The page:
The company was concerned with the total energy efficiency of its existing production lines, seeking technologies to identify sources of compressed air leakage and ways to correct it so that it could be retrofitted onto existing production systems. In addition, the manufacturer wanted to visualize the data any new sensor captured and then incorporate that data with ease into existing production analytical software platforms.
Courtesy of EmersonThe company worked with its packaging equipment supplier to find the right solution for this challenge. They chose Emerson’s AVENTICS AF2 Series airflow sensor that monitors air consumption in their machine’s pneumatic systems and enables fast action when leaks are detected. The AF2 is designed to help optimize energy consumption, prevent machine downtime and cut costs.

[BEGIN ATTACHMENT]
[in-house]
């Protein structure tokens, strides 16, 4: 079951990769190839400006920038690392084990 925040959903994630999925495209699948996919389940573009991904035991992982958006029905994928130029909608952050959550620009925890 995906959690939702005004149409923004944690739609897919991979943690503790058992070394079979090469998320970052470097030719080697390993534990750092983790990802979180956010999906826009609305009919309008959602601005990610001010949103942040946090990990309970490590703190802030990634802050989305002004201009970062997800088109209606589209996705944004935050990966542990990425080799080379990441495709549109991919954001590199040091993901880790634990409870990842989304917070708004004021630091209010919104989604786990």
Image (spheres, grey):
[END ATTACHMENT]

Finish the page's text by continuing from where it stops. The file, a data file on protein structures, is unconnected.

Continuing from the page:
Courtesy of EmersonTo demonstrate the value of analyzing compressed air leakages as a way to improve energy efficiency, the packaging equipment supplier first used Emerson’s AVENTICS Smart Pneumatics Analyzer (SPA) to collect and visualize the compressed airflow data on multiple machines. This specially developed, portable device can be plugged into an existing machine via the compressed air supply and have an instant analysis of key machine characteristics, such as compressed air consumption and possible leakages.
Based on the results of using the SPA, the consumer goods manufacturer decided to install the AF2 airflow sensor on every machine station to continuously monitor the flow of air and detect leakages.